Gillian Anderson photographed in the basement at 6 Fitzroy Square, London, 10 July 2012

Harry recalls the shoot: “One of my most enjoyable shoots in recent years took place when I photographed the movie, TV and stage actor Gillian Anderson. She is best known for being FBI agent Dana Scully in cult sci-fi series The X-Files. When I photographed her, in July 2012, I was aware of the series but had never watched it. This was a good thing, because it meant I wasn’t intimidated by her fame.

I was commissioned to shoot her portrait by The Sunday Times, which was running an interview with her to coincide with her role in the film Shadow Dancer. The newspaper had hired a location for the shoot: Six Fitzroy Square, an 18th century town house in London’s Fitzrovia. It had a lot of character and offered a range of interior backgrounds as well as an outside area. 

Sometimes when I’m photographing actors I direct them as if they are on a film set. I ask them to imagine they are in particular situations and then photograph their expressions. With Gillian, for example, I did things like asking her to look startled, or to imagine she was seeing God in the sky. She was brilliant and really got into the idea. This was when I took my favourite picture of the day, in which Gillian has her mouth open as if she’s doing a silent scream. The image was shot against a white wall in the basement. I used two flash heads to light Gillian. One was a raw flash head, without any modifiers, which I used to backlight her. I put it in an adjacent room and used the door frame to flag it off slightly. I used the other head with a softbox, positioned to the right of my camera. I was shooting with my Canon EOS 5D Mark II and a 50mm lens.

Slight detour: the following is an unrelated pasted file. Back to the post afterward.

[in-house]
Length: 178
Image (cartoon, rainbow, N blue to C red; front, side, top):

The picture did well in various competitions and was shortlisted in the The Royal Photographic Society International Print Exhibition 2013. It also generated much discussion on Twitter, particularly among women. They were saying they liked the picture because it wasn’t retouched and showed her as a woman in her mid-40s, rather than trying to make her look younger. Looking at it now, the light is quite hard but it’s still flattering. I like the simplicity of the picture and its enigmatic quality. She appears vulnerable, as if momentarily surprised, and it seems like you’re witnessing a moment. In reality, of course, the moment was created, but its ambiguous nature means that everyone can bring their own interpretation to it.”

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